On race day, it was, literally, my will to win that showed up and, thankfully for me, it was a will of pure steel! I struggled to hold back the pace in the first 3 miles, surging and dodging the shoulder to shoulder wall of runners, but by the 6th mile I was feeling the lead in my legs. In mile 9, I almost lost sight of my Coach who was running this race alongside me. At mile 10, I grabbed onto his arm and begged for him to let me “draft” on him awhile. Mile 11 and 12 were pure agony and humiliation as I struggled to keep up and I lost control of my bladder – something that has never happened to me before or since. By the 13th mile, he started yelling that I was “making this REAL INTERESTING” and that I had just 40 seconds to close the gap in that final 1/10 of a mile or my goal was lost. I was running on fumes. I could hardly see a thing. My vision was blurry and sounds were echoing profoundly as my ears were ringing and I struggled to breathe. I surged ahead with every bit of guts I had left in me. We crossed the line and I heard him screaming. My legs would not hold me up any longer and everything went black. I am not sure how much time passed while I was in medical but, when I was finally able to stand up and walk without holding onto something to keep from falling off the face of the earth, I exited the medical tent to find my Coach waiting for me with the news. We had succeeded. Our time? 01:59:56! This was such a relief…but in all honesty, I deserved the pain of that race. Goals must be taken seriously. Success in running is always earned, never given. This race taught me the hard way to respect the training, honor the commitment, and to cherish the results. It does make me wonder, however, how much better could I have performed with a stronger, more consistent commitment to my training?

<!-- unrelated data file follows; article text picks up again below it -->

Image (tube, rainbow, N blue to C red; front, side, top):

By the end of 2015, Joe and I had become such good friends and he took a great deal of interest in my goal to complete the J.C. Stone 50K Ultramarathon. He took over my training, sending me workouts weekly; adjusted according to my work schedule, progress, and physical well being. The goal for this race had absolutely nothing to do with speed at the time. The goal here was to simply conquer the distance, not race the clock. This alleviated a lot of pressure and stress from my mind.